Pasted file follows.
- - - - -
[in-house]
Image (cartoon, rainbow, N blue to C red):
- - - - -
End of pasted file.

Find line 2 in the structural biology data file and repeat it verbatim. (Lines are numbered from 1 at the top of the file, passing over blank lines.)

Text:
Image (cartoon, rainbow, N blue to C red):